The writer of this story has previously been a member of the IGDA. He no longer is. –Ed.

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SAUSALITO, Calif — The effects of Gamergate took center stage during the second day of the GamesBeat Summit. While portions of the vocal campaign have harassed and threatened a lot of game developers despite the larger campaign’s claims of being against unethical games journalism, International Game Developers Association executive director Kate Edwards also noted the biggest and most positive impact it’s had on the industry: forcing a dialogue on the issue of diversity.

“Many of us in this industry have been this dialogue for decades … and nothing has come of it,” said Edwards. “I go to many women-focused conventions around the world, and it’s still viewed as the ‘token women issues’ event. You go off and have your conversation on diversity and then come back and we can have a bigger conversation about production.”

Sexism was the second (within the industry) and fourth (within the content) biggest issues in the most recent of the IGDA’s yearly polling of industry perception, making this more than just a liberal talking point. Working conditions was the top concern, and the perception of violence was third. Edwards cited unspecified studies that stated while women make up approximately 50 percent of the gaming audience, they compose only 20 percent of those making them.

The key to industry maturation

“If you want more diversity in your game content,” Edwards said. “You need to get more diverse staff to create that content.”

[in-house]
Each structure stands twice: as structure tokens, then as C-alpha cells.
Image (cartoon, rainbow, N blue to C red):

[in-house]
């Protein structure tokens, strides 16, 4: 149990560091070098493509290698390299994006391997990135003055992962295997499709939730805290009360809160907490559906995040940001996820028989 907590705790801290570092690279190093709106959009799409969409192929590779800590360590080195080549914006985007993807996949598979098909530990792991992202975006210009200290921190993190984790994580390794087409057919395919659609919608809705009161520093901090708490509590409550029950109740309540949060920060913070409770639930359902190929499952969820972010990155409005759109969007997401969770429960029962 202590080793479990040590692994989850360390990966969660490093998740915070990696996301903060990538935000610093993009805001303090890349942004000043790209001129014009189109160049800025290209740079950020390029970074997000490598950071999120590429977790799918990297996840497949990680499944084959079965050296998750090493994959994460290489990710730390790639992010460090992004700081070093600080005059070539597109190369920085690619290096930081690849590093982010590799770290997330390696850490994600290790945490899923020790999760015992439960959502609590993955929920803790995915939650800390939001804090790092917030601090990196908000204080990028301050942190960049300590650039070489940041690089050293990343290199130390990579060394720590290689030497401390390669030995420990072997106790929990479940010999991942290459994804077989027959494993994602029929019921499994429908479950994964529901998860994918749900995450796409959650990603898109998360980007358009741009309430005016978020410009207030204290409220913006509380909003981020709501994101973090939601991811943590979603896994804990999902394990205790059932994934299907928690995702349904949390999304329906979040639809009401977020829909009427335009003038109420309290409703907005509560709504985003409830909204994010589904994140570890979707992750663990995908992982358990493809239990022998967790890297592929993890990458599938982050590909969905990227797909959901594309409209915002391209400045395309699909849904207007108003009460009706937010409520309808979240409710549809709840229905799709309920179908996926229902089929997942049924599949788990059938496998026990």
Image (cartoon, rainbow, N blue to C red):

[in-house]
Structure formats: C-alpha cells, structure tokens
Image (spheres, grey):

A “key to maturation” for the industry, according to Edwards, was the capability for content creators to speak out against industry trends or campaigns like Gamergate. The businesses that threatened to remove their services in the wake of Indiana’s original passing of their Religious Freedom Restoration Act earlier this year were an example — which moderator Stewart Rogers of VB Insight brought up — of that dynamic in action. Game makers, especially those operating independently of major publishers, didn’t seem to Edwards to have that same security.

“One of the reasons people don’t speak out is that they are easy targets,” said Edwards. “They don’t have the corporate structure to support them against harassment. And with many of them relying on Twitter, all you need is to have your feed infected [to lose business.]”

Edwards did reference Riot Games as an example of helping reduce harassment within their worldwide hit, League of Legends. The IGDA awarded the studio at March’s Game Developers Conference for its work in calling out abusive behavior in its multitplayer online battle arena (MOBA) game. Edwards praised Riot as “brilliant” for the campaign, but she noted that most companies — even those with larger user bases and revenue — were skittish about speaking out in either direction.

“That frustration – the feeling that there is no solidarity in the industry, is hard,” Edwards said. “We are talking about our users, about our consumers. But I saw a lot of irrational fear. ‘I don’t want to upset the GG crowd.’ But your user base is huge. It’s something that companies have to weigh.”

Honoring those that want to pander

You can create any content you want, agreed Kate Edwards, but you are still subject to market forces.